The progression of established osteoarthritis can be slowed considerably with a number of conservative measures, but it cannot be reversed. Ultimately, the knee joint surface in the active individual can be worn down to the point where the bone surfaces are grinding against each other. On x-ray this is seen as the well known”bone-on-bone” appearance. Since the sensitive nerve endings are located on the exposed surface of the bone, the knee is painful, especially with weight bearing. At this point, viscosupplementation and NSAID’s no longer are effective.
When it gets to the point where your daily activities are limited primarily by your knee pain, or if you are having pain at night that is not relieved with the above described conservative measures, a knee replacement offers an excellent solution. We no longer think of a knee replacement as a last resort and understand that there are many benefits in replacing the knee before activity levels are severely compromised.
There are a number of choices in Knee Replacement techniques available today. These include partial replacement, total replacement, and minimal incision surgery. There have been significant advances in the design, fit, and sizing of the implants; especially for women. There are new more durable knee components available now that have been laboratory tested to times exceeding 30 years. Surgical techniques have advanced and improved the precision of the implant placement and soft tissue balancing. The result is that knee replacements done today should last longer and outperform their predecessors. More surgical techniques are under development utilizing computer directed fitting, computer navigation, and robotics in knee replacement. With so many new ideas and options available, the choices may seem daunting.
It is important to remember that every knee with osteoarthritis is unique. It is important that the surgeon consider all of the factors including the above mentioned risk factors in osteoarthritis to select the appropriate techniques and prosthesis.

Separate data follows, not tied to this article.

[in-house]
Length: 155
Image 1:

The knee has three distinct areas where the joint surfaces come together. These are the medial, lateral, and the patella-femoral compartments. In many individuals, the arthritis or joint injury may be restricted to only one compartment. In this circumstance, replacing the damaged compartment and leaving the other surfaces alone can be very successful. The surgery is less invasive, less painful, and the recovery is usually quicker than a total knee replacement. The ACL and PCL can be retained leading to a more natural feeling knee. This is an excellent solution for many people, but is not applicable to everyone with osteoarthritis. The optimal candidate has isolated medial compartment involvement, full range of motion, an intact anterior cruciate ligament and only a mild varus deformity. It is estimated that about 7 out of 100 people with osteoarthritis are satisfactory candidates for partial (uni-compartmental) knee replacement. Although it’s been around for many years, recently there is a lot of enthusiasm for this type of replacement, and therefore a temptation to expand the indications to younger people with generalized osteoarthritis predominantly in one compartment. Pain relief in these individuals is much less predictable and may be short-lived. In this situation progression of arthritis in the remaining compartments may lead to need for a total knee replacement in the future. In partial knee replacements, careful preoperative evaluation and realistic discussion is essential to assure an excellent result over long term.
The total knee replacement is the most common surgical technique utilized for advanced knee osteoarthritis with over 270,000 performed in the United States every year. Over the last forty years, since John Insall developed the design and instrumentation for the total condylar knee replacement, tremendous improvements have been made. The new components fit much better, move more naturally through a fuller range of motion, have much better longevity, and allow much greater function. Recent advances in the composition of the metals and the plastics show promise for even greater durability and less wear. Because of this, there has been a trend to proceed with knee replacement in younger patients with severe arthritis before they develop contracture, deformities and significant atrophy.
In a total knee replacement all of the knee joint compartments are resurfaced. The tibia is resurfaced with a titanium base plate and stem. An ultra high molecular weight polyethylene (plastic) surface is placed on top of the titanium to be the actual new joint surface. Titanium is the best choice due to many factors, but one of the major advantages is its compatibility with bone. The titanium and bone have similar flexibility and elasticity. Because of this there is less chance of loosening over time.